On 15 March 2012 the CJEU has ruled two cases where it had been asked to decide whether producers of phonograms (or the collecting society on their behalf) are entitled to obtain equitable remuneration when a user allows its clients to hear the phonogram by way of background music in a place subject to his control.

The first case, referred by the Court of Appeal of Turin (Italy), involved Società Consortile Fonografici (SCF), the Italian society that collects and distributes to artists and phonogram producers the royalties for the use in public of recorded music, and Mr. Marco Del Corso, a dentist who used to broadcast background music from the radio in the waiting room of his private dental practice, to entertain – free of charge – his patients while waiting for the treatment.

The second case was instead referred to the CJEU by the High Court (Commercial Division) (Ireland) in an action brought against Ireland by Phonographic Performance (Ireland) Limited (PPL), an Irish collecting society representing the rights of phonogram producers. PPL acted for the declaration that Ireland was in breach of its obligations under art. 4 of the Treaty for the Functioning of the European Union because it enacted and maintained in the Copyright and Related Rights Act 2000 a provision exempting hotel operators from paying royalties to phonogram producers for the installation in hotel rooms of television and/or radio sets used for the broadcasting of music as part of the services complimentary to the guests’ accommodation.

The CJEU reached opposite conclusions in the two rulings. Its reasoning pivots on the interpretation of art. 8 par. 2 of Directive 2006/115/EC (that repealed Directive 92/100/EEC), that requires Member States to ensure that an equitable remuneration is paid by the user when “a phonogram published for commercial purposes, or a reproduction of such phonogram, is used for broadcasting by wireless means or for any communication to the public”.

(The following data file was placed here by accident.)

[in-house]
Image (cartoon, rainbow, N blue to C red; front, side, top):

According to the European Court, the interpretation must take into account the specific context in which the provision is applied and it must be consistent with the meaning given to the equivalent provisions contained in the TRIPS Agreement and the WIPO Performances and Phonograms Treaty (that form part of the European Union legal order), and in the Rome Convention 1961 for the Protection of Performers, Producers of Phonograms and Broadcasting Organisations (that produces indirect effects within the European Union). For this reason, the European Court held that the meaning of “communication to the public” contained in art. 8 par. 2 of the directive must be interpreted considering that the right of phonogram producers to obtain remuneration is an economic right, compensatory in nature, that produces its effects only to the extent that the phonogram is used for communication to the public by a user. Thus, unlike authors, phonogram producers cannot prevent the communication to the public of the work, they just accrue a credit when the work is used.

The European Court also held that, in order to establish whether a user (in the cases at issue, the dentist or the hotel operator) is making a communication to the public – and, consequently, the phonogram producer has title to receive remuneration – the judge must first consider whether the user intervenes, in full knowledge of the consequences of its action, to give access to its clients to a broadcast containing the protected work. Additionally, the judge needs to evaluate whether: (a) the communication of the protected work is aimed at an indeterminate number of potential listeners and, therefore, at a fairly large number of persons; (b) the foregoing high number of persons has access to the same work at the same time and (iii) the communication carried out by the user has a profit-making nature.